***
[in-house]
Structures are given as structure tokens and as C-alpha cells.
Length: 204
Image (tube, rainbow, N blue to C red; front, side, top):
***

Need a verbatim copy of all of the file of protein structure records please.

[in-house]
Structures are given as structure tokens and as C-alpha cells.
Length: 204
Image (tube, rainbow, N blue to C red; front, side, top):